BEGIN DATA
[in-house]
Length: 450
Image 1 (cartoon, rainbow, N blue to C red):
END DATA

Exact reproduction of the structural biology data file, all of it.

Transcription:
[in-house]
Length: 450
Image 1 (cartoon, rainbow, N blue to C red):